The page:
Wednesday, October 22, 2014
Inquirer Daily News

Obamacare, in the words of regional administrator Nancy O'Connor

Wednesday, March 12, 2014, 6:30 AM
Last week, I sat down with Nancy O’Connor, administrator of Centers for Medicare and Medicaid Services' Region 3 (Pennsylvania, Delaware, Maryland, Virginia, West Virginia, and Washington, DC) to talk about how to find affordable health insurance before the Marketplace closes on March 31 for... Read more

What common trauma injury isn't treated at trauma centers? PTSD

Thursday, March 6, 2014, 6:30 AM
It’s not just military veterans who develop post-traumatic stress disorder. As described in a previous post, what’s known today as PTSD has been observed in people who experienced traumatic events for centuries if not millennia. One relatively common event that can cause PTSD is a serious... Read more

Putting pressure on tobacco retailers

Tuesday, March 4, 2014, 6:30 AM
Last month's announcement by CVS/Pharmacy that it would “stop selling cigarettes and all tobacco products at its more than 7,600 stores nationwide by October 1, 2014” has focused attention on the role that retail outlets play in their sale. If other major retailers were to follow CVS/Pharmacy’s... Read more

Examining lovesickness: DSM vs. Springsteen diagnostics

Tuesday, February 25, 2014, 6:30 AM
Last May the American Psychiatric Association released the 5th edition of the Diagnostic and Statistical Manual of Psychiatric Disorders, known as DSM-V. Sometimes called the “Bible of Psychiatry,” the DSM-V provoked complaints about the diagnostic criteria it included, whether new diagnoses... Read more

Come join us at ‘Study Hall’!

Friday, February 21, 2014, 12:45 PM
Beginning Saturday night, Feb. 22, and then monthly for the next three months (March 22, April 26, May 24), the Philadelphia FringeArts Festival show Study Hall will be returning to the Adrienne Theater in Center City for an hour of history and improv. Study Hall, directed by Philadelphia Improv... Read more

Why are our kids still dying in car crashes?

Thursday, February 20, 2014, 6:30 AM
People who work in public health often see the glass as half empty. Troubling health reports remind us where public health strategies have failed to take hold to prevent lost lives or injuries. Grim health statistics often underscore the number of people living with diseases that could have been prevented... Read more

World War I debut of the "motorized ambulance"

Tuesday, February 18, 2014, 6:30 AM
One of the developments of World War I that still shapes health care today is what was once called the “motorized ambulance.” Automotive transport of the wounded supplemented and ultimately replaced the horse-drawn wagons used to evacuate casualties from the battlefield. Many famous people... Read more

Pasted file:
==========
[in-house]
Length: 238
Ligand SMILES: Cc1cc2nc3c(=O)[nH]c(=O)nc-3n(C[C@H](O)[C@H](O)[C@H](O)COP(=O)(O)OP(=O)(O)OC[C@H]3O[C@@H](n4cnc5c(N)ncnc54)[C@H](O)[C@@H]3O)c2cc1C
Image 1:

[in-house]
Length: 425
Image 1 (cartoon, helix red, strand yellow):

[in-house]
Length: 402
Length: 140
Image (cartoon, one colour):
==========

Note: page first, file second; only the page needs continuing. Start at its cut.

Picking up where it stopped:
If vodka doesn't kill the Russians, anti-gay bias might

Friday, February 14, 2014, 6:30 AM
The Olympics have brought attention and scrutiny to Russia’s policies on homosexuality for infringing upon the human rights of its citizens and visitors. But could the the country's position on gays and lesbians also pose a hazard to the health of its citizens? As we’ve written about in... Read more

Electronic Nicotine Inhalers (a.k.a. e-cigarettes): Worth a try?

Tuesday, February 11, 2014, 6:30 AM
It’s been hard to avoid stories in the news about “electronic cigarettes”—battery-powered devices that in many cases look like regular cigarettes but instead deliver a vaporized mix of nicotine, flavor additives, and traces of the chemicals left over from extracting nicotine... Read more

CVS bans cigarette sales. Who’s next?

Friday, February 7, 2014, 6:30 AM
Kudos to CVS/Pharmacy for joining the fight against smoking. Earlier this week the retail giant announced that it would “stop selling cigarettes and all tobacco products at its more than 7,600 stores nationwide by October 1, 2014.” The decision comes as CVS/Pharmacy moves towards expanding... Read more
About this blog

What is public health — and why does it matter?

Through prevention, education, and intervention, public health practitioners - epidemiologists, health policy experts, municipal workers, environmental health scientists - work to keep us healthy.

It’s not always easy. Michael Yudell, Jonathan Purtle, and other contributors tell you why.

Michael Yudell, PhD, MPH Associate Professor, Drexel University School of Public Health
Jonathan Purtle, DrPH, MSc Assistant Professor, Drexel University School of Public Health
Janet Golden, PhD Professor of history, Rutgers University-Camden
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